Fourth Sunday of Advent 11:00 a.m. service conducted at First United Methodist Church Roanoke Rapids, NC, December 23, 2012; Pastor Cory Oliver
In 1880 E.W. Benson, then Anglican Bishop of Truro, England, composed a Festival of Nine Lessons and Carols, based on ancient sources, for Christmas Eve. In 1918 it was adapted for the chapel of King’s College, Cambridge, by its Dean, Erick Milner-White, who also wrote The Bidding Prayer. A revision of the Order of Service was made in 1919, involving rearrangement of the lessons, and from that date the service has always begun with the hymn ‘Once in royal David’s city’. In almost every year the choice of carols has varied, and some new ones have been introduced by successive organists. The backbone of the service, the lessons and the prayers, has remained virtually unchanged.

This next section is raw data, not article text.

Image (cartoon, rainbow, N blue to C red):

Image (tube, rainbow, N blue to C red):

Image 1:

Wherever the service is heard and however it is adapted, whether the music is provided by choir or congregation, the pattern and strength of the service, as Dean Milner-White pointed out, derive from the lessons and not the music. ‘The main theme is the development of the loving purposes of God …’ seen ‘through the windows and the words of the Bible’. Local interests appear, and personal circumstances give point to different parts of the service. Many of those who took part in the first service must have recalled those killed in the Great War when it came to the famous passage from the Bidding Prayer: ‘all those who rejoice with us, but on another shore and in a greater light’. The centre of the service is still found by those who ‘go in heart and mind’ and who consent to follow where the story leads